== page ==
Every smartphone has a tiny plastic SIM card, which connects the device to a carrier’s network. SIMs can be a hassle to change and they are currently carrier specific. Now, the SIM card is finally making way for a more convenient standard, and Samsung is leading the charge. Its 3G-enabled Gear S2 Classic smartwatch is the first device to sport an electronic SIM card, or eSIM.
What’s an eSIM, exactly? It’s not something you’ll ever see, and that’s the point. It’s the internal equivalent of the familiar, rectangular widgets that slot into most modern-day smartphones. It’s essentially a tiny SIM card embedded within the device itself, but unlike the carrier-specific SIM cards you’re used to swapping from your smartphone, it’s much more capable. It’s programmable, so you can theoretically switch between carriers in the settings menu of your phone or smartwatch. Thanks to a design that dispenses with a slide-out tray, it’s up to 90 percent smaller than a traditional SIM card, according to GSMA Chief Engineer Ian Pannell in an interview with the Verge.
It’s also got the backing of big hitters in the mobile industry. The GSMA, the standards body that’s currently in the process of certifying eSIM, counts electronics behemoths Samsung, Microsoft, LG, Huawei, and others among its members. Just as importantly, a diverse lineup of carriers have already pledged to support the new standard, including AT&T, Deutsche Telekom (the parent company of T-Mobile), Etisalat, Hutchinson Whampoa (the parent company of Three), Orange, Telefónica (the parent company of O2), Vodafone, and EE).
“This is the only common, interoperable and global specification that has the backing of the mobile industry and lets consumer with a mobile subscription remotely connect their devices to a mobile network,” said GSMA Chief Technology Officer Alex Sinclair in a statement. “The new specification gives consumers the freedom to remotely connect devices, such as wearables, to a mobile network of their choice and continues to evolve the process of connecting new and innovative devices”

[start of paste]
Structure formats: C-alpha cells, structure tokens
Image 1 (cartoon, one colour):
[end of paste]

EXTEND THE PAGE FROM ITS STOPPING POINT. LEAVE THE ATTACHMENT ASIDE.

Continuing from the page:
A glaring absence from that list of full partners, you might notice, is Apple, but the association says that the company’s made contributions to the new standard. “[We are] continuing to work with Apple to secure their support for the initiative,” a spokesperson told The Financial Times in July of last year. Apple’s reticence isn’t surprising: The company infamously introduced a custom SIM solution, the so-called Apple SIM, with the LTE version of the iPad Air 2. It, like eSIM, was significantly smaller than conventional SIM cards and supported software-based carrier switching.
But unlike Apple’s technology, eSIM will soon make the jump to phones. The standard is set to be approved in June, and Samsung’s already promised its future handsets will use eSIMs. The company is launching the Gear S2 Classic 3G as a test of sorts ahead of that broader eSIM rollout.
The Gear S2 Classic 3G debuts in March. Pricing has yet to be announced.
- Verizon, AT&T under investigation for allegedly colluding to block eSIM tech
- Wearables were scarce at Mobile World Congress, but a few piqued our interest
- The best smartwatches you can buy
- 5G is coming — here’s what to expect, and when to expect it on your carrier
- CDMA vs. GSM: What’s the difference between these cellular standards?